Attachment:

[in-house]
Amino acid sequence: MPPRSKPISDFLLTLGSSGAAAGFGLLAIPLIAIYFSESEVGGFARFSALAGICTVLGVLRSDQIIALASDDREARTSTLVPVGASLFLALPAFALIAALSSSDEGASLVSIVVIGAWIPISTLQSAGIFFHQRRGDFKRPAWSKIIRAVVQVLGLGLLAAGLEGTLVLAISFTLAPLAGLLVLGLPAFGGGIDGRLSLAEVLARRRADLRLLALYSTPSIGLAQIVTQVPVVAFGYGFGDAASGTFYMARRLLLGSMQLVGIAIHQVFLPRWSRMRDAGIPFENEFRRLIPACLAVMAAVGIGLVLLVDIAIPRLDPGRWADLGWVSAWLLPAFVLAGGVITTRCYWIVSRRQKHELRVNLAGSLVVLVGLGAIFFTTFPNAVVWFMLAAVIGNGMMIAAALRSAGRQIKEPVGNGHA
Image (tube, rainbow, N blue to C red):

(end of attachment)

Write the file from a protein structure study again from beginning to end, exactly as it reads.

[in-house]
Amino acid sequence: MPPRSKPISDFLLTLGSSGAAAGFGLLAIPLIAIYFSESEVGGFARFSALAGICTVLGVLRSDQIIALASDDREARTSTLVPVGASLFLALPAFALIAALSSSDEGASLVSIVVIGAWIPISTLQSAGIFFHQRRGDFKRPAWSKIIRAVVQVLGLGLLAAGLEGTLVLAISFTLAPLAGLLVLGLPAFGGGIDGRLSLAEVLARRRADLRLLALYSTPSIGLAQIVTQVPVVAFGYGFGDAASGTFYMARRLLLGSMQLVGIAIHQVFLPRWSRMRDAGIPFENEFRRLIPACLAVMAAVGIGLVLLVDIAIPRLDPGRWADLGWVSAWLLPAFVLAGGVITTRCYWIVSRRQKHELRVNLAGSLVVLVGLGAIFFTTFPNAVVWFMLAAVIGNGMMIAAALRSAGRQIKEPVGNGHA
Image (tube, rainbow, N blue to C red):